HONORABLE MENTIONS: Bale Mountains National Park (Ethiopia), Bwindi Impenetrable Forest National Park (Uganda), Ngorongoro Conservation Area (Tanzania), Ol Pejeta Conservancy (Kenya), Mosi-Ao-Tunya/Victoria Falls National Parks (Zambia/Zimbabwe)
Ok, so technically there are no national parks in Antarctica. But because the entire frozen continent is protected by the Antarctic Treaty System, the coldest, driest, and windiest place on the planet is basically like one giant wildlife reserve. A small-ship cruise such as Zegrahm’s 22-day Antarctica, South Georgia & the Falkland Islands expedition is a great way to explore it. This wonderful wildlife tour includes plenty of Adelie, chinstrap, and gentoo penguins on the Antarctic mainland; Magellanic and rockhopper penguins in the Falkland Islands; and vast colonies of king and macaroni penguins (not to mention elephant and fur seals) on South Georgia Island. Of course, there will also be plenty of whales, seals, and other wildlife sightings during your time at sea as well.
BANDHAVGARH NATIONAL PARK (India)
Located in Madhya Pradesh, the 431-square-mile Bandhavgarh National Park & Tiger Reserve boasts one of the highest densities of Bengal tigers in the world. Thanks to conservation initiatives here and at tiger reserves such as Kanha and Kaziranga National Parks, the tiger is one of the few endangered species whose population is growing. But the fearsome cat is hardly this wildlife park’s only attraction: there are also 36 other species of mammals (including leopards, Asian elephants, and nilgai, or “blue bulls”), more than 250 species of birds, and around 80 species of butterflies. There are three zones in this former maharaja’s hunting grounds that are open to tourists: The Tala zone is considered the best for tigers and also the most photogenic, while Khitauli is great for birdwatching.
KOMODO NATIONAL PARK (Indonesia)
There are less than 5,000 Komodo dragons left in the world, and most of them are found on two small islands in Indonesia, Komodo Island and Rinca Island. Along with Padar and 26 smaller islands, this entire archipelago has been protected since 1980 as Komodo National Park. Declared a UNESCO World Heritage Site in 1991, the park was originally designed to protect the world’s largest lizard, which can grow up to 10 feet long. But it’s also home to remarkable marine life, including whale sharks, manta rays, eagle rays, blue-ringed octopus, and quite a few cetaceans (including dolphins, blue whales, and sperm whales).
TUBBATAHA REEFS NATURAL PARK (Philippines)
If you enjoy snorkeling and scuba diving and have a deep appreciation for marine life, a visit to the Philippines is truly a must. Located within the South China Sea’s famed “Coral Triangle,” the Philippines is home to some of the world’s most picturesque beaches, colorful coral reef systems, and a dazzling assortment of marine animals. Named a UNESCO World Heritage Site in 1993, Tubbataha Reefs Natural Park covers 374 square miles and includes two large atolls and a smaller reef system. Zegrahm’s Philippines With Palau & Taiwan expedition gives guests lots of chances to dive and/or snorkel this ecotourism hotspot in the Palawan province, where they may see some of the reef’s 600 fish species, 13 species of cetaceans, 11 types of sharks, and several species of sea turtles.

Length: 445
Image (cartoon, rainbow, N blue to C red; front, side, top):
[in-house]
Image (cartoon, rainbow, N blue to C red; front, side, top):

YALA NATIONAL PARK (Sri Lanka)
Sri Lanka may not be nearly as well-known as neighboring India in terms of tourism, but in the last few years, its number of international visitors has been gradually on the rise. Sri Lanka's oldest and most renowned national park is also home to the island nation’s greatest concentration of wildlife, including leopards, Sri Lankan elephants, sloth bears, jackals, buffalo, crocodiles, and monkeys. The uncrowded wildlife park also boasts over 150 bird species, and the adjacent Yala East (a.k.a. Kumana National Park) is a notorious nesting site for waterbirds. Yala is a huge factor in Sri Lanka’s relatively recent emergence as an ecotourism hotspot, and expedition leader Mark Brazil guides guests through its many highlights on Zegrahm’s 18-day Natural Wonders of Sri Lanka tour.
HONORABLE MENTIONS: Elephant Nature Park (Thailand), Nanda Devi & Valley of Flowers National Parks (India),
Sepilok Forest Reserve (Borneo), Sichuan Giant Panda Sanctuaries (China), Sundarbans National Park (India/Bangladesh)
GREAT BARRIER REEF MARINE PARK (Australia)
Stretching more than 133,000 square miles, the Great Barrier Reef is easily the world’s largest coral reef system. The area is home to at least 30 species of cetaceans, over 1,500 species of fish, six species of sea turtles, and around 125 different species of sharks and stingrays. The UNESCO World Heritage Site also includes mangroves and salt marshes, which provide fertile breeding grounds for frogs and saltwater crocodiles, and around 1.5 million birds (215 species) use its 900 islands to nest or roost. The park’s reefs are currently being threatened by climate change, with ocean acidification leading to increased coral bleaching. But Zegrahm’s 15-day Best of the Great Barrier Reef cruise takes guests to its most pristine places, including Osprey Reef and Lizard Island.
HONORABLE MENTIONS: Kakadu National Park (Australia), Kamiali Wildlife Management Area (Papua New Guinea), Prince Regent Nature Reserve (Australia), Solomon Islands (Melanesia), Sub-Antarctic Islands (New Zealand)
NORTH AMERICA & CENTRAL AMERICA
BANFF NATIONAL PARK (Canada)
Established in 1885, Canada's oldest national park is located in the Rocky Mountains of Alberta. Banff National Park encompasses around 2,564 square miles, and is packed with towering mountains, dense coniferous forest, glaciers, and ice fields. It’s bounded by Yoho National Park to the west, Kootenay National Park to the south, and Kananaskis Country to the southeast, so the entire region feels like one massive nature area. The park is home to a wonderful array of alpine animals, including grizzly bears, cougars, moose, elk, bighorn sheep, wolverines, and hundreds of bird species. If you visit, make time for a road trip along the impressively scenic Icefields Parkway, which extends from the world-renowned Lake Louise to neighboring Jasper National Park.